How to Find your ‘Superstar’ Niche as a Service-based Entrepreneur
In the work that I do helping corporate women become service based entrepreneurs, one of the key first steps is deciding what to do and who to serve. One of the key mistakes people make is making their offer to broad and vague. In this week’s blog I talk about why to define a niche and how, how this links to your target market (it’s not the same thing) and what comes next.
What is a niche market? Why niche?
Niche marketing involves selling specialized products or services that answer to the need of a relatively small target. If you are known to be an expert or leader in that specialized product or service, consumers are willing to pay more for this.
It’s basic economics: differentiated product, smaller market and lower economies of scale = higher price.
Think Crème de la Mer skin care – there is a limited distribution and product range, it’s exclusive and sells at a high price point. Only a certain kind of woman with certain needs would be willing to pay this price.
Mass marketing appeals to a broad market with wide distribution.
Think L’Oreal Paris and Garnier – the price is accessible and there are products for different age ranges. Competition is high, margins are low and the focus is selling volume. This drives the price of the product down.
The coaching industry is saturated. If you are a generic in your marketing and offering, competition is fierce and you won’t stand out. People will also be less willing to pay premium fees. That’s why having a niche is so important.
Not only are your marketing messages more targeted, but you increase the value you can provide them by establishing yourself as an expert in solving a particular problem.
Starting out, some people think that they need to broaden their target market rather than narrowing it: to maximise their chances of making a sale. It’s actually the opposite: the more specific you are, the more likely you are to sell that product – to a particular target market.
People say to me, ‘why don’t you sell to men? You are cutting off half the population!’ And why are you only helping people leave corporate? What about people who….’
The key is to choose a target market that is an inch wide and a mile deep. In my business I have found no shortage of people wanting to leave corporate to set up their own businesses – even among my friends and personal contacts. It’s specific, but there is a decent sized market for it.
One of the issues is a mindset that clients are scarce. If you are coming from that place, you will want to increase your chances. But as my mentor Gina DeVee says, there are 7 billion people on the planet – you only need 10 to 15 clients. How doable is that?
My experience has been that when you find the right niche based on who you are, your talents and what is needed in the market, it feels right and it’s clear to others.
How do I find my niche?
I believe the best niche comes by looking from the inside out and the outside in. It’s about seeing what you are good at and passionate about (this is where you will get the best results) and also checking that people want that.
I call it a ‘superstar’ niche, because not only is it specialised but it is something you can be the best in the world at.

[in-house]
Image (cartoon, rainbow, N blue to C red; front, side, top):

- What do you see others getting paid for in the market that you already do well?
- What comes naturally to you?
- What excites and inspires you? Think of people you have met, books you read or speakers you have seen.
- What problem are you passionate about solving?
- What personal transformation or shift have you had that you see others needing in the market?
- What story do you have to tell that you see would be worthwhile for others like you?
Niche vs target market
Sometimes people use the terms niche and target market interchangeably. They are actually different things. The reason that they get mixed up is because what makes a niche market smaller is that its consumers tend to have specific attributes.
Here is the distinction:
- Your target market is the group of people you serve.
- Your niche is the service you specialize in offering to your target market
Getting a clear and specific target market is so important in being able to design suitable products or offerings and to write marketing and sales copy in a way that is irresistible to your ideal client.
If your market and offering is broad, you risk people thinking it doesn’t really apply to them or it’s not that much of a priority or pain point for them. In the reverse, when this is done well, your target market feels like you are speaking to them personally and you ‘get’ them.
In my work with women we go through the following process:
- First think about the niche in which you want to play e.g. corporate mindfulness coaching
- Define and research your target market – get really specific about your ideal customer avatar e.g. a woman aged 30-45 who are returning to work from maternity leave. She is struggling to juggle her work and family responsibilities and to be present with her kids.
- Then create your packages – e.g. a 90 day coaching program to achieve higher levels of peace, presence, connectedness and clarity,
using your own signature system. Then test your packages with your target market to see how they land.
The example above is a consumer based package, but could be adjusted to corporate i.e. who would the decision maker and influencer be (HR or Line Managers, Senior or mid level), what type of organisations (number of employers, industries, turnover), challenges they are facing (increased turnover of returning mothers, absenteeism, low engagement scores etc).
Want to know more? Get a copy of my ebook here and learn how you can turn your skills and talents into a business and make an exit from corporate to entrepreneurship. You will also get updates of my regular webinars and preview calls to help you get started.
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